It is never easy to predict the twists and turns that the latest high-profile trial will take and Dr. Conrad Murray’s involuntary manslaughter case is no different. But while the trial is sure to feature all the usual bells and whistles that attend these excursions into celebrity justice, when it comes to one staple of these affairs — the revelation of salacious new details about the troubles of a fallen icon — its offerings may be limited.
The judge in the case already has ruled that discussion of the Michael Jackson molestation trial is off limits (thereby ensuring that we won’t have to relive the trip through that particular rabbit hole) and also has excluded a variety of other evidence about Jackson’s allegedly fragile state. The garden from which the digging up of dirt may be done now has a fence around it; how securely that fence may guard against trespassers, of course, is an entirely different story.
What the trial certainly will contain, however, is a high-profile exploration of what we — celebrities and “normals” alike — expect from the people who care for us; and as the 32-page questionnaire issued to jurors suggests, the lawyers in this case seem to be particularly interested in whether those expectations shift depending upon which category (celebrity or regular folk) the patient falls.
Among other topics, the questionnaire asked jurors whether they thought celebrities received special treatment and whether a doctor ever had refused to prescribe medication that they specifically had requested. While most of us with access to medical care never will face the dilemma of whether we are asking “too much” of our $150,000 per month doctors, the issue of whether money buys new rules is as pertinent to medical treatment as it is to other areas of American life where its ability to change the game is firmly established. Indeed, in an era of Internet-fueled self-diagnoses, where well-heeled patients (sometimes armed with information of questionable legitimacy) may stubbornly insist upon particular therapies, doctors have a greater responsibility than ever to serve as a bulwark between the curative and the dangerous.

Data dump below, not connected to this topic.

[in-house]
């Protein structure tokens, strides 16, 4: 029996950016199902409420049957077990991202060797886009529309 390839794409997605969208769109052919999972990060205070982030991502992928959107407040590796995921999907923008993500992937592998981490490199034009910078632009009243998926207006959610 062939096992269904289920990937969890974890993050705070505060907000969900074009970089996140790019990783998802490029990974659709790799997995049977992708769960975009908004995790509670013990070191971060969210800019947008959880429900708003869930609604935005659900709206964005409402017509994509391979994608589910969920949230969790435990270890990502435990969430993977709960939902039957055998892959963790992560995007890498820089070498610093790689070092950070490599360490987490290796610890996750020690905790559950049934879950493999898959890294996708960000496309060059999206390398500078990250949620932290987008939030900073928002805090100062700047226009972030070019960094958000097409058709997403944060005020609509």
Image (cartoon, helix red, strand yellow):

The issue of Murray’s guilt or innocence will turn on a few discrete questions: Did the doctor fail to perform a legal duty that he owed to Jackson? If so, was his failure so reckless as to create a high risk of death or great bodily injury? Would a reasonable person have known that acting in such a way would have created the risk it did? Did that risky conduct cause Jackson’s death?
Already the defense has raised questions surrounding Jackson’s use of other drugs, arguing that it was Jackson’s alleged self-medicating and addiction to other drugs, rather than Murray’s conduct, that resulted in the music legend’s demise. (One of the pretrial battles involved the defense’s access to medical records held by longtime Jackson dermatologist, Dr. Arnold Klein, who allegedly injected Jackson with Demerol 51 times over 3 months. The Murray team won that round, gaining access to a certain number of the records.)
This narrative, however, proves only so much: Dr. Murray was just that — a doctor, so pointing the finger at a patient’s other alleged bad habits will not suffice as an excuse for allegedly mismanaged care. Indeed, it is precisely because of a patient’s vulnerabilities, physical and otherwise, that we expect physicians to adhere to objectively reasonable standards in treating them: jurors in the court of public opinion may have an even shorter fuse for the alleged practice of “celebrity medicine,” in which one might purchase his way around those standards, than they do for the “celebrity justice” that seems regularly to cut big breaks to stars in distress.
But proving that this case involves such “celebrity doctoring” is the state’s burden to carry. Expect Murray’s team to tell the story of a physician dedicated to a patient in such distress that only the most extraordinary therapies could serve to treat him. They will urge jurors not to play the “20/20-hindsight” game — arguing that Dr. Murray did the best he could for a demanding patient whose self-destructiveness ultimately would overwhelm the efforts of even the most attentive physician.
At the end of the day it will be for the jury — the one that sits in the actual courtroom — to decide whether Murray’s conduct was that of a solicitous personal physician or a fiscally driven reckless profiteer. The rest of us will simply be left to consider whether that slope really is as slippery as some say.
Republished from Huffington Post with the author’s permission.